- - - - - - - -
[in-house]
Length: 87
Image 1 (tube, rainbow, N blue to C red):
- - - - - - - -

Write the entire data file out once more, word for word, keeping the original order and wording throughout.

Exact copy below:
[in-house]
Length: 87
Image 1 (tube, rainbow, N blue to C red):